USA v. Jensen et al

Filing 85

Order on Motion to Dismiss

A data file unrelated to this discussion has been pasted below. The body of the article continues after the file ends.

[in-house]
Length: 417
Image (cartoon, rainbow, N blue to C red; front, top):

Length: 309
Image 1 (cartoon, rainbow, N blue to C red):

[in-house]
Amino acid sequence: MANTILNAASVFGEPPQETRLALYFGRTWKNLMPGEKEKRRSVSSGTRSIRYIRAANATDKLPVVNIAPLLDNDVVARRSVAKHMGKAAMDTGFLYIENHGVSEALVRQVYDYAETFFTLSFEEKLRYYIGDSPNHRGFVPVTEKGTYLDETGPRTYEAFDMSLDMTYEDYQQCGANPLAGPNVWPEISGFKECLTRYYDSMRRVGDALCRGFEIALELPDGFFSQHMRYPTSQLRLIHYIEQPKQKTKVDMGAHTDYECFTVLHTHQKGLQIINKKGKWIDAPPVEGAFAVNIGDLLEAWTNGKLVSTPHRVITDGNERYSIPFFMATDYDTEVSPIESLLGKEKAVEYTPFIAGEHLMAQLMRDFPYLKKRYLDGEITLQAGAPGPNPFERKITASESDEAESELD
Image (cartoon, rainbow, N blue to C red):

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UNITED STATES DISTRICT COURT DISTRICT OF ALASKA UNITED STATES OF AMERICA Plaintiff, vs. JAMES L. JENSEN, JR, and ROBIN L. JENSEN, Defendants. ) ) ) ) ) ) ) ) ) ) ) 3:09-cr-00108 JWS ORDER FROM CHAMBERS [Re: Motions at dockets 23, 29, 30, 35, 36, 44, and 45; Exhortation to Defendants To Consider Proceeding with Counsel, and Order re Trial Date] I. MATTERS PRESENTED Defendants Mr. and Mrs. Jensen, who are proceeding pro se, have filed numerous motions seeking dismissal of the charges against them. The motions are found at dockets 23,29, 30, 35, 35, 44, and 45. These motions were fully briefed, and the magistrate judge filed a report in which he recommended that each be denied. Timely objections were filed by the Jensens. In a final report at docket 83, Magistrate Judge Roberts continues to recommend that the motions all be denied. The motions to dismiss are disposed below. After addressing the motions, this order sets out a recommendation to defendants concerning how they might better defend themselves against the serious charges brought against them by the United States–a recommendation which this court hopes defendants will carefully consider. Finally, this order requires action concerning the trial date. II. STANDARD OF REVIEW The district court may “accept, reject, or modify, in whole or in part, the findings or recommendations made by the magistrate.”1 When reviewing a magistrate judge’s report and recommendation in a case such as this one, the district court conducts de novo review of all conclusions of law,2 and any findings of fact to which objections have been made.3 Uncontested findings of fact are reviewed for clear error.4 III. DISCUSSION OF MOTIONS TO DISMISS This court has reviewed the file and applied the standard of review articulated above. Based thereon, this court can find no material fault5 with the magistrate judge’s final recommended findings and conclusions. The magistrate judge correctly found the facts and applied the law in his initial report. There is nothing in the Jensens’ objections which has not been adequately addressed in the initial and final reports from the magistrate judge.6 For the preceding reasons, this court adopts the findings of fact and conclusions of law recommended by the magistrate judge. Based thereon, the motions at dockets 23, 29, 30, 35, 36, 44, and 45 will all be denied. IV. DEFENDANTS SHOULD CONSIDER USING COUNSEL The charges against defendants are serious. If convicted, defendants might be sentenced to significant periods of incarceration and a large fine. The most serious of the charges in the indictment, an attempt to defeat the payment of a tax in violation of 1 28 U.S.C. § 636(b)(1). 2 Barilla v. Ervin, 886 F.2d 1514, 1518 (9th Cir. 1989), overruled on other grounds by Simpson v. Lear Astronics Corp., 77 F.3d 1170, 1174 (9th Cir. 1996). 3 28 U.S.C. § 636(b)(1). 4 Taberer v. Armstrong World Industries, Inc., 954 F.2d 888, 906 (3d Cir. 1992). 5 There is one mistake of no consequence in the final report at docket 83. It recites incorrectly that the government responded at docket 81 to defendants’ objections at docket 80. In fact, the government’s filing at docket 81 relates to a discovery motion filed by defendants at docket 33 and an associated motion for reconsideration of the denial of that motion filed at docket 79. The government was neither required to, nor did it, respond to the objections. 6 Defendants filed an unauthorized additional objection at docket 84 which lacks merit. -2- 26 U.S.C. § 7201, is subject to a maximum penalty of five years in prison and a fine of up to $100,000 upon conviction. While the Jensens each have a constitutional right to self-representation and the magistrate judge has explained the risks and possible consequences of proceeding pro se, they also have a right to counsel. Based on the record, it appears the Jensens are reasonably able people, but they have no training in the law. Moreover, like all self-represented litigants, the Jensens necessarily lack the ability to view their own circumstances as objectively as a third person can. Indeed, it is this latter fact which underpins the old adage that even a “lawyer who represents himself has a fool for a client.” Of course, the choice of how to proceed remains in the hands of each defendant, but it would be wise to consider asking the previously appointed stand-by lawyers to represent defendants’ interests from this point forward. V. CONSIDERATION OF TRIAL DATE In a motion at docket 54, defendants requested that the court continue the trial. In an order at docket 72, the court granted the motion, but only in part, saying that a renewed motion could be filed if necessary as the new trial date approached. That trial date is March 10, 2010. To date the court has not received any further motion to continue, but assumes that a further continuance may be appropriate–at least from the defense standpoint. Accordingly, counsel for the United States, the defendants, and stand-by counsel shall promptly confer. Then on or before February 24, 2010, either the parties shall file a joint status report stating that all parties will be prepared for trial on March 10, 2010, or any party who will not be prepared shall file a motion to continue the trial. VI. CONCLUSION For the reasons set out in the preceding sections of this order, the motions at dockets 23, 29, 30, 35, 36, 44, and 45 are each DENIED. The defendants are requested to carefully consider having counsel take over their representation at this point. Counsel for the United States, defendants, and stand-by counsel shall promptly confer and then, no later than February 24, 2010, either a joint status report advising -3- that all parties will be prepared to proceed to trial on March 10, 2010, or a motion to continue the trial date shall be filed. DATED at Anchorage, Alaska, this 16th day of February, 2010. /s/ JOHN W. SEDWICK UNITED STATES DISTRICT JUDGE -4-